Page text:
Biden Admin Finalizes Rules To Crack Down on Gas Cars

(Nicholas Kamm/AFP via Getty Images)
March 20, 2024

President Joe Biden's Environmental Protection Agency on Wednesday finalized its restrictions on gas-powered car emissions, an attempt to fast-track transitioning the country to electric vehicles.

Under the rules, which the Washington Post described as Biden's "most far-reaching climate regulation yet," carmakers will have to bump up electric and hybrid vehicle sales—to 56 percent of sales for EVs and 13 percent for hybrids—while drastically cutting gas emissions by 2032, according to the Post.

The rule change comes as electric car sales have slackened, according to Kelley Blue Book, which found that "the EV market in the U.S. is still growing, but not growing as fast." Tesla in recent months had to issue highly publicized recalls involving warning lights, autopilot systems, and backup cameras, while Ford in January cut back production of its F-150 electric truck because of the EV slowdown.

As sweeping as the regulations are, they are looser than the Biden administration's original plan, which was to require at least 67 percent of new cars and light-duty trucks to be fully electric by 2032, the Washington Free Beacon reported. The House voted in December to block that plan, while auto unions blasted Biden, who has called himself "the most pro-union president in history." United Auto Workers president Shawn Fain went so far as to say his union would withhold endorsing Biden for reelection this year.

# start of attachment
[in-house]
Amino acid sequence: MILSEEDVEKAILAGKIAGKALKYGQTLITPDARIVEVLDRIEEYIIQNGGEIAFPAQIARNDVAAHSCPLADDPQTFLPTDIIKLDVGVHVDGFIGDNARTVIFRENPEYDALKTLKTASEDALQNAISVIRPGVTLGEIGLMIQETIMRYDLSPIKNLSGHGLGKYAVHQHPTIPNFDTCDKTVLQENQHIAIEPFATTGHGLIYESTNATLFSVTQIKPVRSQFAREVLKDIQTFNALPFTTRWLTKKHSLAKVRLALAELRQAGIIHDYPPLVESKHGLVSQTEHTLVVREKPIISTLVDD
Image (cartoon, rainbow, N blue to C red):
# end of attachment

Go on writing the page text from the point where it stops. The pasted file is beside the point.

United Auto Workers reversed its stance and endorsed Biden after the EPA announced it would scale back the electrification timeline.

Industry groups are saying that the scale-back isn't much, with many describing the regulations as a de facto mandate. "At a time when millions of Americans are struggling with high costs and inflation, the Biden administration has finalized a regulation that will unequivocally eliminate most new gas cars and traditional hybrids from the U.S. market in less than a decade," the American Petroleum Institute said in a statement. "As much as the President and EPA claim to have 'eased' their approach, nothing could be further from the truth."

The institute said it is prepared to challenge the regulations in court.